Studies show that more than two-thirds of aesthetically-oriented consumers are bothered by submental fullness, or “double chin.”1 And with social media profile images becoming more important than ever, there is interest in looking one’s best.
Submental fullness due to fat beneath the chin can impact a broad range of both men and women and because the condition can be genetic and resistant to diet and exercise.2 But there’s KYBELLA®, the first and only FDA-approved injectable treatment that is available by prescription only, that has been proven to improve the appearance of moderate to severe fat beneath the chin by physically destroying fat cells in the treatment area.3
In two pivotal clinical studies for KYBELLA®, reductions in submental fat volume were observed more frequently in the KYBELLA®treated group of 514 patients compared to the placebo group (508 patients) as measured by both clinician and patient ratings. In addition, visual and emotional impacts of submental fat (happy, bothered, self-conscious, embarrassed, looking older or overweight) were evaluated using a 6-question survey and 79% of 1 and 2-grade composite responders reported satisfaction after 12 weeks post final treatment compared with 33.6% of patients who received placebo.3
KYBELLA® can cause serious side effects including nerve injury in the jaw that can cause an uneven smile or facial muscle weakness and trouble swallowing. The most common side effects are swelling, bruising, pain, numbness, redness, and areas of hardness in the treatment area.3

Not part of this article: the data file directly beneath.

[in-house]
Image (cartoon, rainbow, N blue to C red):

KYBELLA®, the first and only FDA-approved injectable treatment that is available by prescription only, that has been proven to improve the appearance of moderate to severe fat beneath the chin by physically destroying fat cells in the treatment area.
- On your feet: Sitting for a photo can add weight (especially if you slouch). I prefer my clients to stand, which just naturally elongates the body.”
- Find the right chin angle: “In my studio, the positioning of a subject’s chin is one of the first things I discuss before we shoot. The best way to ensure a strong chin angle is to face the camera and bring your forehead toward the camera and slightly down. Once your chin is in the right position, imagine there’s a hook attached to the crown of your head that’s pulling you toward the ceiling. Your goal is to elongate the neck and tighten the skin around your jawline so the light can wrap around it more sharply.”
- Don’t forget to squinch: “Squinching” is a technique I made up for my clients to help them look more attractive and approachable. To “squinch,” bring your lower eyelids up slightly toward your pupils. Practice in a mirror and you’ll notice a subtle but impactful difference.”
- Hold a sub: “To slim your upper arms and shoulders, position yourself as if you are holding a large sub sandwich with your elbows tucked into your sides. Then widen your hands as if holding a 6 foot-long sub, with your elbows still tucked. The difference is incredible.”